Minnesota DFL legislative leaders laid out their broad legislative agenda Wednesday, one designed to be squarely focused on strengthening the middle class and balancing the state budget without fiscal gimmicks.

“We continue to face an economy, although recovering, where the middle class continues to be squeezed,” said House Speaker Paul Thissen, DFL-Minneapolis.

Democrats who now control both chambers offered few specifics, but said they now have an unprecedented chance to make changes that were blocked by Republicans the last two years.

Senate Majority Leader Tom Bakk, DFL-Cook, invited Republicans to participate in the budget negotiations, but he indicated he has little patience for partisan gridlock.

Bakk reacted harshly to Republicans who have said in recent days that the current $1.1 billion projected deficit is not that big of a deal since they beat back a much larger, $6 billion shortfall. He noted that the GOP’s solution relied heavily on borrowing from schools and selling bonds that will take two decades to repay.

“Cool your jets,” Bakk said to Republicans. “We don’t think you were all that successful and we don’t think Minnesotans thought you were all that successful.”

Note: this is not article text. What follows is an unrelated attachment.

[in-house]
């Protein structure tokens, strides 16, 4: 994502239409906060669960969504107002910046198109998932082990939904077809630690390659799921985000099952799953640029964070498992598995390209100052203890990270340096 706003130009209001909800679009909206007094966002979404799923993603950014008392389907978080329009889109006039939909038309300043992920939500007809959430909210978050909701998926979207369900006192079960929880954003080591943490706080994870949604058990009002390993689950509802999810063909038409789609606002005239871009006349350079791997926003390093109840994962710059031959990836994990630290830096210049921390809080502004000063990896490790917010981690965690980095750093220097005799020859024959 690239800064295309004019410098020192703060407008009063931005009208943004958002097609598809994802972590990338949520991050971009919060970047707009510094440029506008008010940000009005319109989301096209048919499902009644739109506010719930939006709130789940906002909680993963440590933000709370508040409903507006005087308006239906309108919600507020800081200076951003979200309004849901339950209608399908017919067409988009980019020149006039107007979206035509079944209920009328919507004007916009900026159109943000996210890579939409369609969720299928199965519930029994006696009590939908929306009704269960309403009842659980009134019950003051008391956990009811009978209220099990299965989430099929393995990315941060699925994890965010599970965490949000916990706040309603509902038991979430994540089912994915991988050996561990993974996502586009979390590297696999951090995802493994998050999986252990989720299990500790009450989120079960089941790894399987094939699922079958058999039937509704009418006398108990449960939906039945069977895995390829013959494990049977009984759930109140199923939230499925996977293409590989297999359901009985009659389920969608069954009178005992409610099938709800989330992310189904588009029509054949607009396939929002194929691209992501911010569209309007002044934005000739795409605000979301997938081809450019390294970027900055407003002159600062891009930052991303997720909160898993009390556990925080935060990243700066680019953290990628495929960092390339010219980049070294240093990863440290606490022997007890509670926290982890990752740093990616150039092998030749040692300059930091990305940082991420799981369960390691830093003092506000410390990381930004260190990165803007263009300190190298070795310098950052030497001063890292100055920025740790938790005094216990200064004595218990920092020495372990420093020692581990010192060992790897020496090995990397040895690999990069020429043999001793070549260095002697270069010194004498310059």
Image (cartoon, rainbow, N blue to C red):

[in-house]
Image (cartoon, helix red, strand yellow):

Republicans, who are unable to block DFL proposals on their own, stressed that they remain opposed to tax increases and higher government spending. But with Democrats in charge of the Legislature and the governor’s office, he said the final budget deal will likely include tax hikes.

“We think this is a time for prudence, a time for caution and not a time to blow out the budget with excessive spending,” said Senate Minority Leader David Hann, R-Eden Prairie.

Democrats are expected to roll out their first few bills in coming days. The bills unveiled by leaders are designed to set the tone of the session and give voters a sense of leaders’ priorities.

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